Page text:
Somalia

Travel & Tourism

Even though strife with political upheaval, the tourism industry in the Somaliland region of Somalia has been blossoming. Somaliland has recently been attracting an influx of tourists, signifying a change in the global perception of the region.

Since gaining its independence after the merging of two territories in 1960, the republic of Somalia has undergone many hardships. Challenged by civil war and the absence of a trustworthy centralized government, the people of Somalia have had to rely on their own steadfastness to move forward and leave the country’s troubled past behind.

While Somalia struggles, one territory in the country has been able to achieve something that had been deemed nearly impossible. In Somaliland, a region in the northwestern corner of the country, peaceful, fair, and organized national elections have taken place since 2003. Since Somaliland is not recognized as being independent from Somalia, as it wishes, the territory is setting an example not only for Somalia but also the rest of the continent to follow.

What to Do in Somalia

1. Laas Gaal Cave Paintings: A French archaeological team discovered these ancient artifacts in 2002. In order to preserve the cave, there’s currently a restriction on the number of tourists allowed to visit the site at a time.

2. Sheikh: This historic town is home to many British colonial buildings, untouched for some 40 years.

3. Zeila: Formerly a part of the Ottoman Empire, Zeila was also a dependency of Yemen and Egypt, as it served as a major trading city in the 19th century. There one can view old colonial landmarks, coral reefs, towering cliffs, and beaches.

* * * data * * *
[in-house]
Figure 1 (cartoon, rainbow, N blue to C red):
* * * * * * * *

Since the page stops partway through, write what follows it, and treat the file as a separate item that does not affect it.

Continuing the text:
4. Freedom Arch of Hargeisa: The arch and the war memorial in this city’s center are worth visiting. Both sites offer commentary on Somalia’s remarkable progress.

5. Naasa Hablood Hills: Located on the outskirts of Hargeisa, these twin hills are considered by native Somalilanders a majestic natural landmark.

Getting In and Around

Visas: All who wish to visit the country require a visa.

Transportation: Very few major airlines from the U.S. or the U.K. fly directly to Somalia. Traveling through the Middle East is the best way to get to Somalia.

Safety and Security

Concerned about your safety as you plan travel to Somalia? We at Africa.com, together with our friends, family and colleagues, travel extensively throughout the continent. Here are the resources we consult when thinking of our safety in Somalia:

• UK Government Somalia Travel Advice Guidance

Africa.com comment: Very timely and frequently updated. Perspective assumes that you ARE going to travel to Somalia, and seeks to give you good guidance so that you understand the risks and are well informed.

• Mo Ibrahim Personal Safety & Rule of Law Score for Somalia

Africa.com comment: An annual ranking of the 54 African countries based on their relative personal security as determined by a highly qualified staff of an African foundation, funded by a successful African philanthropist. See where Somalia ranks relative to the other 54 nations in Africa.

• U.S. State Department Travel Advisory on Somalia

Africa.com comment: Can sometimes be considered as overly conservative and discourage travel altogether to destinations that many reasonable people find acceptably secure. On the other hand, they have the resources of the CIA to inform them, so they know things that the rest of us don’t know. See what they have to say about Somalia.

Local Advice

1. Be sure to pay very close attention to local customs and rules. If you’re able to travel with a well-versed guide or handler, we’d suggest that you do so.

2. Dress appropriately, conservatively, and light, as the country can get extremely hot.

3. If there are curfews where you are staying, adhere to them and stay clear of areas where tourists are discouraged.

4. Be safe, but allow yourself to have fun.